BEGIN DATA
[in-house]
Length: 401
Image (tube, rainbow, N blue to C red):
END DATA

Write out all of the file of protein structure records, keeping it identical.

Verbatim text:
[in-house]
Length: 401
Image (tube, rainbow, N blue to C red):